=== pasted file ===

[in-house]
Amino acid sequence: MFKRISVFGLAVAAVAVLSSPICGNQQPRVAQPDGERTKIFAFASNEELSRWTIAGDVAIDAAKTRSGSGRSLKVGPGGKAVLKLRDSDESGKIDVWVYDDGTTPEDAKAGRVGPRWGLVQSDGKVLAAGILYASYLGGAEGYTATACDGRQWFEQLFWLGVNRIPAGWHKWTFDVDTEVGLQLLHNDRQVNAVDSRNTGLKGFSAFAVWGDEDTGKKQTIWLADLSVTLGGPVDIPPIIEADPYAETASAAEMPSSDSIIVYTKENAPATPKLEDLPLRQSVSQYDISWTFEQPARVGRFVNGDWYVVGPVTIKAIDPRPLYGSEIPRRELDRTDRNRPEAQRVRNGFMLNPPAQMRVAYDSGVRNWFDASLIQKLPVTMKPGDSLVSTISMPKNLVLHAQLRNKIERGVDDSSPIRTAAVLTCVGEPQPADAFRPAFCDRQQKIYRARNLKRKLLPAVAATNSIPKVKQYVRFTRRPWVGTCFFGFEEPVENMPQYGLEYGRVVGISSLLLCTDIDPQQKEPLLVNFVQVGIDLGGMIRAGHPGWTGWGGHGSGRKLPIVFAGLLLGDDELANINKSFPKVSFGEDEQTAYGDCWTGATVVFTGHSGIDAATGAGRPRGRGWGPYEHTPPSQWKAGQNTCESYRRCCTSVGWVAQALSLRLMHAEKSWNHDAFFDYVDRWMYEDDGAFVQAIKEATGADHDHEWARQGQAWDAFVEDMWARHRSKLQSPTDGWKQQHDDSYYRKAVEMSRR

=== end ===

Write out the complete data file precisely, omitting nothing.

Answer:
[in-house]
Amino acid sequence: MFKRISVFGLAVAAVAVLSSPICGNQQPRVAQPDGERTKIFAFASNEELSRWTIAGDVAIDAAKTRSGSGRSLKVGPGGKAVLKLRDSDESGKIDVWVYDDGTTPEDAKAGRVGPRWGLVQSDGKVLAAGILYASYLGGAEGYTATACDGRQWFEQLFWLGVNRIPAGWHKWTFDVDTEVGLQLLHNDRQVNAVDSRNTGLKGFSAFAVWGDEDTGKKQTIWLADLSVTLGGPVDIPPIIEADPYAETASAAEMPSSDSIIVYTKENAPATPKLEDLPLRQSVSQYDISWTFEQPARVGRFVNGDWYVVGPVTIKAIDPRPLYGSEIPRRELDRTDRNRPEAQRVRNGFMLNPPAQMRVAYDSGVRNWFDASLIQKLPVTMKPGDSLVSTISMPKNLVLHAQLRNKIERGVDDSSPIRTAAVLTCVGEPQPADAFRPAFCDRQQKIYRARNLKRKLLPAVAATNSIPKVKQYVRFTRRPWVGTCFFGFEEPVENMPQYGLEYGRVVGISSLLLCTDIDPQQKEPLLVNFVQVGIDLGGMIRAGHPGWTGWGGHGSGRKLPIVFAGLLLGDDELANINKSFPKVSFGEDEQTAYGDCWTGATVVFTGHSGIDAATGAGRPRGRGWGPYEHTPPSQWKAGQNTCESYRRCCTSVGWVAQALSLRLMHAEKSWNHDAFFDYVDRWMYEDDGAFVQAIKEATGADHDHEWARQGQAWDAFVEDMWARHRSKLQSPTDGWKQQHDDSYYRKAVEMSRR